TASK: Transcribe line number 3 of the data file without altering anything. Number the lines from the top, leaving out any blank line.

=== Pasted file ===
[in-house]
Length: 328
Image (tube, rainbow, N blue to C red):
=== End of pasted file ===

Image (tube, rainbow, N blue to C red):